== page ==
* Posts by usbac

305 publicly visible posts • joined 4 Oct 2010


Aviation overhaul bill passes US House... for the third time


Re: An obvious solution

No, your memory is not bad. As I mentioned, DUATS could print out NOTAMs just for your flight plan. The OP above was suggesting publishing all NOTAMs in something like a daily newspaper.

That is a bad idea for many reasons: the sheer volume, needing up to the minute data, etc.


Re: An obvious solution

Way back when I learned to fly, before the internet was widely available to the public (before Al Gore invented it, I mean), we didn't have easy access to electronic versions of the Notices To Airmen (NOTAMs). They were given to you when you called in for your weather briefing. You had to write down any pertinent information on your notepad along with the weather information. Granted, I'm sure they were electronic on the FAA's side, we just got them over the phone.

At one point, there was an FAA contracted system (DUATS) that you could call with a modem and a terminal emulator. From there you could print the NOTAMs. But, as people have mentioned, there would often be a long list of NOTAMs, most of which may not affect your flight, and they would all print together leading to a big stack of paper. So it was better to just take notes anyway.

The NOTAMS are specific to your route of flight, yet they can be many pages long even for one short flight. Printing all of the NOATMs for the entire US would be like printing an 800 page phone book everyday.

As wafer demand dries up, foundry revenues head for a cliff, we all celebrate


Re: Is it Good News for the UK ?

It's funny, I needed some chips recently, and the only vendor that had them in stock was in the UK. So, I'm still waiting to get them. None of the US suppliers had them in stock.

Strange times...

FCC calls for mega $300 million fine for massive US robocall campaign


These guys need to be in Jail, in addition to the fines.

Being one of the 1% sucks if you're a Rackspace user


Re: I just wonder ..

While I agree that Exchange is a total nightmare, if you have the right backup software, it can be done without too much effort.

Back when we had an on-premise Exchange server, we had Exchange specific add-ons for our backup system. I had the ability to restore anything from the complete information store, to an individual email. And, yes I tested it regularly.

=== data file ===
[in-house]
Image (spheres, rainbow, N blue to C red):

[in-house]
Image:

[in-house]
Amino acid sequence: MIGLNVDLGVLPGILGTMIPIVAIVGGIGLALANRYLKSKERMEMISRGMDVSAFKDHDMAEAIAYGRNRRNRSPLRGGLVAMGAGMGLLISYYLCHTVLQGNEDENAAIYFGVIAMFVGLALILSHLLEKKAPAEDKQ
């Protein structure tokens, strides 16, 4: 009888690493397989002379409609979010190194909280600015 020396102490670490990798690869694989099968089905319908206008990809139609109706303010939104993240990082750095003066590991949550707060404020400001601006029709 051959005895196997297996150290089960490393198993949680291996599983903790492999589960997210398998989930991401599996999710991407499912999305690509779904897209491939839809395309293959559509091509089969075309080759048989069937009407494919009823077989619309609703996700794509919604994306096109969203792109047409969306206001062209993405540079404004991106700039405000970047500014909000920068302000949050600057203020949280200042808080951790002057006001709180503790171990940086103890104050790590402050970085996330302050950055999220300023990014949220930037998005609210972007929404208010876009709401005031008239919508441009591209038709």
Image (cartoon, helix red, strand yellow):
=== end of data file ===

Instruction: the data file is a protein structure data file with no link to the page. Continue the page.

I often had to restore email folders that people accidentally deleted (most users were set to clear deleted items on Outlook close - storage issues). I restored full mailboxes a couple of times where people had left the company years ago, and suddenly some exec needed to see the mail in the box.

I did a test restore of the full information store to a new Exchange instance a few times, just to make sure it was possible.


Re: I just wonder ..

You're assuming a backup was actually done. Without a backup, how do you do Step 2?


Re: I just wonder ..

At my previous job, one of my last projects to finish before I left was to complete the migration away from Rackspace. I closed out the last business we had with them about a month before I left. They were really great at one point, but started rolling downhill fast.

We noticed it when all of the really good support people were leaving one by one. We had senior support people that we worked with regularly, and every few weeks, we would call in, just to find out that the person we were asking for was gone. Then, they completely off-shored all of their support. That is when we really started moving services fast.

Server broke because it was invisibly designed to break


Re: Audi electrics, oof

I had a '77 VW Scirocco with the same great fuse box design. The one where the PCB traces would burn out before the fuses. It required replacing most of the wiring harness under the dash to change it. Some genius decided that instead of having a few connectors on the back of the box, the wiring would all be soldered to the back side of the PCB.

They were horrible to replace. As a teenager with no money, I had to do it myself. I sold the car shortly after that. Unfortunately, my "upgrade" was was a '78 Triumph Spitfire!!


Re: It is a fine idea

Yeah, I woke up on the other side of the room a minute or two later!


Re: It is a fine idea